Our winters don't get that could

Great last pics 600west!
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Old November 14th, 2011, 10:01 AM   #383
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Very nice....thanks for sharing your pics.
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Old November 14th, 2011, 12:47 PM   #384
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Fantastic thread 600West218! :-)

Just gotta to ask the big question...

What was your overall favorite favorite city of the trip ?...
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Old November 14th, 2011, 02:13 PM   #385
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Language can indeed be a barrier, but I don't speak Italian either and I didn't have a problem connecting with people. Some spoke English and I also had the opportunity to meet other travellers and we'd get by somehow. Also, for me at least, Italian is like the easiest language to pick up. You just add a vowel to the end of an English word and chances are you're right. Italian essentially is the roots of the English language after all.
Actually Italian has little or nothing to do with the roots of the English language. English belongs to the West-Germanic family of languages that also includes Dutch etc. The closest languages to English in the contemporary world are Frisian, Dutch, Afrikaans and the Scandinavian languages eg Norwegian. It is a wide misconception that English is a latin language. It isn't, however there are a huge number of Latin-originated words that have been imported into English, mostly via French, which was spoken by the rulers of England for around 300 years. Before the Norman invasion which introduced French vocabulary, English was more or less entirely Germanic, and despite the English language being suppressed for around 300 years, it eventually won out and soon the Kings who had previously only spoken French became native English speakers. Anyway, while we do have a lot of Latin-based vocab, the grammatical structure of English is nothing to do with Latin, and all of the 300 most commonly used words in English today (eg: the, and, of, with, etc) are also nothing to do with Latin, they are germanic words from old English origins.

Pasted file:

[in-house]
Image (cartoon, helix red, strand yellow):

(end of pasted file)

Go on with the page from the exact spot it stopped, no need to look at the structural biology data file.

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Old November 14th, 2011, 09:33 PM   #386
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... and on the sixth day, God created Manchester.

removed.
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Old November 15th, 2011, 12:30 AM   #387
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Fantastic thread 600West218! :-)

Just gotta to ask the big question...

What was your overall favorite favorite city of the trip ?...
That isn't an easy question. Frankly, I would be very happy to live in any of the places I visited. And that really is an honest answer.

Another great thing about England is you can live in one place but visit others all the time.

Given that, I would probably choose Liverpool. I like that it is on the sea and I also like being around ships. In fact, being on the sea is what gives it an edge over Manchester in my mind. I also think Liverpool was a very nice size - big enough that it had plenty to do but not too big. It was very walkable (I like that). It had what was effectively a subway - Merseyrail. One drag with both Manchester and Leeds was you have to take buses (don't like as I can't read on them) or trams (a bit better but still slow).

The main negative to Liverpool is it doesn't have the canals that other cities have, especially Manchester. But that is not fatal as from Liverpool it is a very easy trip to Manchester. Heck, you can live in Liverpool and work in Manchester, easily.

So Liverpool number 1, with Manchester a close number 2, followed by Leeds as a close number 3 and Sheffield a more distant number 4.

Having said all this I know Liverpool and Manchester have a significant rivalry. I think they need to get over it. They are both quite nice and one of the selling points of Liverpool should be that it is close to Manchester and one of the selling points for Manchester would be that it is close to Liverpool. Further, I think anyone who lives in either of those cities and doesn't regularly visit the other is really missing out.
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Old November 15th, 2011, 12:52 AM   #388
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Lancashire 1, Yorkshire 0
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Old November 15th, 2011, 01:33 AM   #389